Global climate trend since Dec. 1 1978: +0.14 C per decade

Global Temperature Report: August 2021

(New Reference Base, 1991-2020)

Global climate trend since Dec. 1 1978: +0.14 C per decade

 

August Temperatures (preliminary)

Global composite temp.:  +0.17 C (+0.31 °F) above seasonal average

Northern Hemisphere: +0.27 C (+0.49 °F) above seasonal average

Southern Hemisphere: +0.08 C (+0.14°F) above seasonal average

Tropics: +0.07 C (+0.13 °F) above seasonal average

 

July Temperatures (final)

Global composite temp.:  +0.20 C (+0.36 °F) above seasonal average

Northern Hemisphere: +0.33 C (+0.59 °F) above seasonal average

Southern Hemisphere: +0.07 C (+0.13°F) above seasonal average

Tropics: +0.13 C (+0.23 °F) above seasonal average

 

Notes on data released September 2, 2021 (v6.0, with new reference base)

The global temperature departure from average was little changed from July coming in at +0.17 C (+0.31 °F).  Of interest in terms of change is the tropical band which cooled from +0.13 C in July to +0.07 this past month.  This is an indication that the cool-phase La Niña is likely gathering strength. 

The confidence in the appearance of La Niña this coming NH winter has increased a bit to 70% as NOAA continues with its “La Niña Watch”.  Back-to-back La Niñas are not unusual, so it is possible that the global temperature may dip back to average or below in several of the coming months despite the uptick in temperature in July and August.  This potential fall in global temperatures for the coming months is now becoming more likely. To keep track of the latest weekly summary of the El Niño/La Niña cycle see:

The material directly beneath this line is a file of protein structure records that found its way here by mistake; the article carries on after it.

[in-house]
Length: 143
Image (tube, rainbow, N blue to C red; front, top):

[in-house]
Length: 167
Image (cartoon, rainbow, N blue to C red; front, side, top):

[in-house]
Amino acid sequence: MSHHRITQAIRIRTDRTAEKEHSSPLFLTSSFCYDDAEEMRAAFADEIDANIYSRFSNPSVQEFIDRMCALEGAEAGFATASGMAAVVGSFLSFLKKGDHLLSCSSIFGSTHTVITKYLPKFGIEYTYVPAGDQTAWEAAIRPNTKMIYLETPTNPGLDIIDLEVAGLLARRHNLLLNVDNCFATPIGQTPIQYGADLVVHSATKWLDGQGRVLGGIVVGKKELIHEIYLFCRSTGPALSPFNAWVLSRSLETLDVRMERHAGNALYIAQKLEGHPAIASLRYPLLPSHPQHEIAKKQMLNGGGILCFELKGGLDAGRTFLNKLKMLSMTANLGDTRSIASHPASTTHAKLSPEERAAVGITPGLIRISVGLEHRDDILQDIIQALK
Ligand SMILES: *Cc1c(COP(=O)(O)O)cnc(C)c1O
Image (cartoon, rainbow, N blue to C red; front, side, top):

https://www.cpc.ncep.noaa.gov/products/analysis_monitoring/lanina/enso_evolution-status-fcsts-web.pdf.

The warmest region, in terms of the monthly departure from average, was +3.9 C (+7.0 °F) over East Antarctica near the Concordia Research Station.  The other main areas of warmer than average temperatures appeared in the NH and formed a wave pattern with warm areas from west to east occurring in the North Pacific, SE Canada, Iceland, western Russia and then eastern Russia.

The coldest grid cell was not far from the warmest being located SE of the South Sandwich Islands at -2.9 C (-5.2 °F).  Cooler than average regions were found in the western North Pacific, central Europe, far South Atlantic and NE China.  The tropics were very near average.

The pattern of warmer temperatures in the western conterminous US vs the eastern states continued in August.  As noted last month, there is some suggestion this persistent pattern is related to the indirect effects of La Niña.  Overall the 48-state average was slightly above average at +0.33 C (+0.59 °F), somewhat cooler than June’s +1.44 C and July’s +0.58 C.  Adding in Alaska’s temperature doesn’t change the August value much with the 49-state average coming in at +0.28 °C (+0.50 °F).  [We don’t include Hawaii in the US results because its land area is less than that of a satellite grid square, so it would have virtually no impact on the overall national results.]